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Embracing Ones Inner-Windmill Guitar Technique Neo power-pop mavericks Mazarin make it safe to get out that air guitar again

Embracing Ones Inner-Windmill Guitar Technique

Neo power-pop mavericks Mazarin make it safe to get out that air guitar again

by Alex V. Cook, Music Editor
first published: October, 2005
a sweet ballad that reminds me of Nick Lowe and Marshall Crenshaw and the other great New Wave songwriters that gave that era its soul. Plus is that autoharp in the background?

Mazarin
We're Already There
(I and Ear Reords)

Ahh power pop. Its so easy to get it wrong. Look at Oasis. I once proclaimed them the greatest big rock band in the world and now I can't even be bothered to illegally download their latest things. And who else is there? So many bands that approach this sound now are nursing a Gang of Four fetish, and not knocking those who love men in uniforms, but the Gang is not a big sound, its a tight circuit, a hard wire burnout, so basically their marketing strategy is colliding with their production line, and releasing sub standard product. It happens. Sometimes the customer end of the service economy doesn't know what it wants, so a bunch of people in the business end are forced to guesstimate (a once-butchered term that is in common usage in the business world) whatever it is that the kids want. Its a tricky thing. Supposedly they think boys in eye makeup are the thing, so trot out the Mascara cart already and let's get out some product. But, if you are one of those that fight against your demographic, flailing like a flag trying to change the wind, then there is still hope for the future of power pop, it just takes some searching.

Knowingly named for a 17th century French diplomat, whose cleverness and deft maneuvering allowed him to direct the empire while someone else was the king, Mazarin is one of those groups. Quentin Stotlzfus and his cohorts combine varying elements from the serpentine vocal harmonies of the Stone Roses (remember them?) neo-post-punk-psychedelia and drumbeats lifted from Joy Division to create some brilliant, large arena-in-your-bedroom pop, sounding as big as Oasis without sounding as bloated. We're Already There is thusly named, since this stuff is shit solid. "The New American Apathy" is an insurgent kick ass opener, with a slap ecehoed beat that moved JD past its alleged moroseness into dizzying rock abandon. People should not be scared of handclaps. This track shows when and how to use them properly. "For Energy Infinite" keeps up the same kind of throb while "Another One Goes By" knocks down the pace to make a sweet ballad that reminds me of Nick Lowe and Marshall Crenshaw and the other great New Wave songwriters that gave that era its soul. Plus is that autoharp in the background? Not sure, but this has the perfect mix of funky ornamentation and straight up classic pop hooks.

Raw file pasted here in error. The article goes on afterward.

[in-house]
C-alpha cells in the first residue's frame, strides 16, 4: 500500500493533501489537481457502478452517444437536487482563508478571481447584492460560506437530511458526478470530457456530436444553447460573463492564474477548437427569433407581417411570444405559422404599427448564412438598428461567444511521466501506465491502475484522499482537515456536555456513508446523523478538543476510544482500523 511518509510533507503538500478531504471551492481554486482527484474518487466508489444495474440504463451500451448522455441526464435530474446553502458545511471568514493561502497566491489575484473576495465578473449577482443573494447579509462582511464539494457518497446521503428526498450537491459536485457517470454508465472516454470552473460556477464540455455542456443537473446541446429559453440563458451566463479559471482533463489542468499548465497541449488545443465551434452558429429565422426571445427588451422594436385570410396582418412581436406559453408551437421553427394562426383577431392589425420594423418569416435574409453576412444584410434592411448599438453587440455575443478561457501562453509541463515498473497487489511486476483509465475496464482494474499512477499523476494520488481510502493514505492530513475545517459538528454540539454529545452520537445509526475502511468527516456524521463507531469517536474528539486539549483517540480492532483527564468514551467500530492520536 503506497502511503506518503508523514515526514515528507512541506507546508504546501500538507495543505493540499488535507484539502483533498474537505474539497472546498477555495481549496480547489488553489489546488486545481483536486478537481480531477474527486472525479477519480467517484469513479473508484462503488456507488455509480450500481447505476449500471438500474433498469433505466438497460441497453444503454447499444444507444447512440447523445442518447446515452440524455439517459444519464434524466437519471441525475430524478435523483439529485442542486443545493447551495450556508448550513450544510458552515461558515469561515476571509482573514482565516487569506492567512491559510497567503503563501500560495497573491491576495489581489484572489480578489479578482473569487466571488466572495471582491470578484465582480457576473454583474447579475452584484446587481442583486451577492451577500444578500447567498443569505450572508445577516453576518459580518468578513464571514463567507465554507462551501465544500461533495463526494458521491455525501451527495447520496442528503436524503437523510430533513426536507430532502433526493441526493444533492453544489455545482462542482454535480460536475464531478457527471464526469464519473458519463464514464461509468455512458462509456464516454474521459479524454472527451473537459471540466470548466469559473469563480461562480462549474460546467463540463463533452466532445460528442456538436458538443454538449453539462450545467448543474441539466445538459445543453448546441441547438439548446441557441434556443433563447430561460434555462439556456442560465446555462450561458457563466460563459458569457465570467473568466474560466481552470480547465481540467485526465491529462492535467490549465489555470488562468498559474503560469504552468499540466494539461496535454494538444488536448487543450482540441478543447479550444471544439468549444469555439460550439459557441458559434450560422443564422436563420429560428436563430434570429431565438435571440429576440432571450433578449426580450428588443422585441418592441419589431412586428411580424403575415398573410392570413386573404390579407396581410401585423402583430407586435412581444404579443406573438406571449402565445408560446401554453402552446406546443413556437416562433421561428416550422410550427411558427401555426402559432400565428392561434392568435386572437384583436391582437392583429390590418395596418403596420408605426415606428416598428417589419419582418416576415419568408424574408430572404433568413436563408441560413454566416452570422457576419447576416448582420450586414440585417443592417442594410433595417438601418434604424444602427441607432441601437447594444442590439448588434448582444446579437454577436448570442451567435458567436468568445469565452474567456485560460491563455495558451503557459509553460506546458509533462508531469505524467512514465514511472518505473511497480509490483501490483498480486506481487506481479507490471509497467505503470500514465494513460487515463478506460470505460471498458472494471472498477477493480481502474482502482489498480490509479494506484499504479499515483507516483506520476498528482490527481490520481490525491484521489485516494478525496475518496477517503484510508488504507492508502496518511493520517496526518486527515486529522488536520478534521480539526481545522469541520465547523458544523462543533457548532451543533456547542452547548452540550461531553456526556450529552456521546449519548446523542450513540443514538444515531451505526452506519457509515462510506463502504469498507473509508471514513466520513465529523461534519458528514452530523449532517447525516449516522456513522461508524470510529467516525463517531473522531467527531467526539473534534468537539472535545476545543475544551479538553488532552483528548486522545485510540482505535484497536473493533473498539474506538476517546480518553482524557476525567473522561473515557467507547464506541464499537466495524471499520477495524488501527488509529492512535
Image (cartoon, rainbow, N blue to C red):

Their experimental sides show the spirit emanating from the above photo of them posing with their WTF gear, stuff that gets synth lovers out of their seats to gawk at the stage. "At 12 to 6" shows the group in command of their Paisley side, delivering a steamy slice of "Tomorrow Never Knows" pop that the Gallaghers wish they could still concoct, while the fuzzed out weird track "Schrode(er)inger" with its bells (this group is fond of bells) sounds like Book of Love on some bad E, in a good way. "Kenyan Heat Wave" is probably the best of this branch of their tree with the echoey dub funk and the twittering of birds and all. Its good stuff. Buts its the more straight ahead stuff that has the strongest punch like the static hook stream of "I'll See You In The Evening" or the roof-raising "I'm with You and the Constellations." I love that huge sound, that makes your headphones into a giant ballroom. The final title track combines the two sides into a palpable physical grind, like the aforementioned Stone Roses would get to when they got up top full steam.

So I've dropped a bunch of names, and the band wears its influences on its sleeves - so what. Its great stuff and lives up to all the influences it modulates like current through the gizmo's they hold in their picture and still have 10x the original sound that Franz Ferdinand has. Fun well-crafted kick ass stuff.

Alex V. Cook
Music Editor

Alex V. Cook listens to everything and writes about most of it. His latest book, the snappily titled Louisiana Saturday Night: Looking for a Good Time in South Louisiana's Juke Joints, Honky-Tonks, and Dance Halls is an odyssey from the backwoods bars and small-town dives to the swampside dance halls and converted clapboard barns of a Louisiana Saturday Night. Don't leave Heathrow without it. His first book Darkness Racket and Twang is available from SideCartel. The full effect can be had at alex v cook.com
about Alex V. Cook »»

a sweet ballad that reminds me of Nick Lowe and Marshall Crenshaw and the other great New Wave songwriters that gave that era its soul. Plus is that autoharp in the background?

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